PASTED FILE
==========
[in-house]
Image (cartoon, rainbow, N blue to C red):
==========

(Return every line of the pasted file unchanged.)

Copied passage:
[in-house]
Image (cartoon, rainbow, N blue to C red):